Constructing the World II

Constructing the World II


The story of materials and making is also the story of architecture, of art, technology and labour. This semester we will return to a pre-modern idea where art and technique mean the same thing and where the maker is at the centre of architectural production. In this case the maker will be neither the individual author or craftsman but the whole design studio, and together we will design and build a permanent structure. We will expand previous experiments in construction, re-use and bricolage into a complete architectural project which will integrate design, landscape, technology and art into one single collaborative project. The outcome will be the sum of intelligent hands.

Technique and technology come from the Greek word techne meaning ‘a general ability to make things intelligently 1. The original meaning of art, from the Latin artem or ars, was much the same, namely skill. But with the development of the machine the two terms were pulled apart into opposing concepts which remain with us today. The author/artist abstracts notions of intelligence, creativity, sensitivity and expression while the artisan or craftsman refines techniques of making through continuity, practice and tradition. We will draw these concepts together into a common source for the architectural imagination.

We have been commissioned by the Verein Zolliker Kunstfreunde to design and build a belvedere in Zollikon at the intersection of several landscape trails overlooking the lake. We will work collaboratively to produce a permanent public landmark for walkers to pause and view the surrounding landscape.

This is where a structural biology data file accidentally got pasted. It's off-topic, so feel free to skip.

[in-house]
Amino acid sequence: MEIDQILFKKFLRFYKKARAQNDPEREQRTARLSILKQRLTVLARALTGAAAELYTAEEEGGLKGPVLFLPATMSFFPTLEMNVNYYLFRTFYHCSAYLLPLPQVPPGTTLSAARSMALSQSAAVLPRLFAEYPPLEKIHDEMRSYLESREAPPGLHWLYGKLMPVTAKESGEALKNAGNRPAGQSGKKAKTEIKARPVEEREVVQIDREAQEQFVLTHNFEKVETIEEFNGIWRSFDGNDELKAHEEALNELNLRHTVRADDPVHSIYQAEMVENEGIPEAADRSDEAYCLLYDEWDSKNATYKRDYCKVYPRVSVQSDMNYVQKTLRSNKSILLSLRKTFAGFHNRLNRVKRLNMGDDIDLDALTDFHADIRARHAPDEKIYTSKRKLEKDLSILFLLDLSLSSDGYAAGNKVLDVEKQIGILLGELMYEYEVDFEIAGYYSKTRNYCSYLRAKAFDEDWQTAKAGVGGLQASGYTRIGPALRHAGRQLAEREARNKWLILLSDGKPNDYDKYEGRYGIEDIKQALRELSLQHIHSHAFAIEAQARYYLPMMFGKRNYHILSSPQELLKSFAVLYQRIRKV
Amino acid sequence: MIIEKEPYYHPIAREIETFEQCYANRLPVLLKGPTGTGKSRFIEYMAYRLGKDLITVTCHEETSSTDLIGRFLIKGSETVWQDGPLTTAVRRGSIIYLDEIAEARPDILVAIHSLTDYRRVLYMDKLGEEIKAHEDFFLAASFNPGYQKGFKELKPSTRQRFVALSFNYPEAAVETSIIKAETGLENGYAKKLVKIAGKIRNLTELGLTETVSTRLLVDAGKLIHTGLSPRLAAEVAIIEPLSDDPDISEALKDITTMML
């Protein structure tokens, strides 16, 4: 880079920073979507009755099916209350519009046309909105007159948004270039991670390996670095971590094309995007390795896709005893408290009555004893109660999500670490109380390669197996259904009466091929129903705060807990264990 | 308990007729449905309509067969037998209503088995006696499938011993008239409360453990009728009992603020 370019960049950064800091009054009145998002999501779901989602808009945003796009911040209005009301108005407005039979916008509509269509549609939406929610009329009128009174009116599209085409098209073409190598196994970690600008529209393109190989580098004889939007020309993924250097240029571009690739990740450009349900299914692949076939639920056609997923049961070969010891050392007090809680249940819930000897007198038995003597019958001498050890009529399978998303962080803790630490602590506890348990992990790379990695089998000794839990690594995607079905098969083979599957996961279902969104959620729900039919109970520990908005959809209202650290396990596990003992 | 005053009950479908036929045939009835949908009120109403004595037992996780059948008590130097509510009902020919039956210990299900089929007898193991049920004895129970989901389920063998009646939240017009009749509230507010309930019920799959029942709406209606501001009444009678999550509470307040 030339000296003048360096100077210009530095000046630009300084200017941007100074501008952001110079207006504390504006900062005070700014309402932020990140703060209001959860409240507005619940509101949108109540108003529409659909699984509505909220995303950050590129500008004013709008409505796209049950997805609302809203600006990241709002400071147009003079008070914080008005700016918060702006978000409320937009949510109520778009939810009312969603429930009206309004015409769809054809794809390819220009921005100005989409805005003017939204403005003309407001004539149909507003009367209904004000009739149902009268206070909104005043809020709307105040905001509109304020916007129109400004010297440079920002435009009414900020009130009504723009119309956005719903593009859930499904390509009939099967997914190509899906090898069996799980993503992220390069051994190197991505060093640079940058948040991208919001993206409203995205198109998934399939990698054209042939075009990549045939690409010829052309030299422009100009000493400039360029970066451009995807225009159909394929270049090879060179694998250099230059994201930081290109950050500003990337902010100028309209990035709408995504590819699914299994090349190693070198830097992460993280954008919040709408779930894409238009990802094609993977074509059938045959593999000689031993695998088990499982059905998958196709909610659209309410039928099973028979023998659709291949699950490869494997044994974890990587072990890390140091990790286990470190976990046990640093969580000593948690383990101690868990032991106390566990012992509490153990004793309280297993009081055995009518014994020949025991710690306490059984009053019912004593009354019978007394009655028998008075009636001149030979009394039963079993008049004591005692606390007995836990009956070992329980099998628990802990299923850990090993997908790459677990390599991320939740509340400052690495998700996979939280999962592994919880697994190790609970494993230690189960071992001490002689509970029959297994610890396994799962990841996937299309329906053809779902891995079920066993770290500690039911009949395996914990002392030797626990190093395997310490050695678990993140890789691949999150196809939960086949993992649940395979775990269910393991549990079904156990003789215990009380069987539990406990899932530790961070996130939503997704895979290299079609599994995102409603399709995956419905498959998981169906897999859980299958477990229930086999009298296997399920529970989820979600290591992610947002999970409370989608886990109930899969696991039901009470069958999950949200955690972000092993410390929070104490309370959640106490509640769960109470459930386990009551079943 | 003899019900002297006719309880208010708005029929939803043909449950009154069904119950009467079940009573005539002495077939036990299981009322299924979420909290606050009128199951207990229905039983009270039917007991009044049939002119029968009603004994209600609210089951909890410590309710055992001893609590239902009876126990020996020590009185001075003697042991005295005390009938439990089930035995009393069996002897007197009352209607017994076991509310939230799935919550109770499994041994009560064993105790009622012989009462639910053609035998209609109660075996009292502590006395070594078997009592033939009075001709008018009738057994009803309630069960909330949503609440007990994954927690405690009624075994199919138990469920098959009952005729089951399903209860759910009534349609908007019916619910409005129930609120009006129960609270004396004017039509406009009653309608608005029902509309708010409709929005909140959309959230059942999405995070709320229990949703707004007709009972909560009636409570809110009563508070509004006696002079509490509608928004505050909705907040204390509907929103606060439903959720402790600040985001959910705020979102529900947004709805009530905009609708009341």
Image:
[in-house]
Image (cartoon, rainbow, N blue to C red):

The programme does not require previous experience in carpentry or craftsmanship (although all experience is valuable) but it does require a willingness to think through making, to be physically and intellectually engaged in the complete collaborative task.

Alongside the collective core, each student will be required to develop an individual case study focusing on a specific topic elaborated from the common project. The case study will be an illustrated written thesis of 7,000 to 10,000 words researching and reflecting on either aspects of material and technical knowledge or on the history and theory of landscape, craft or construction. Each case study will be individually tutored throughout the semester.

The design studio is integrated with a construction based seminar week based in Zürich & Zollikon. We will carry out a series of workshops that are thematically related to our building project and will give insights into history of timber construction as well as hands-on advise on timber crafting.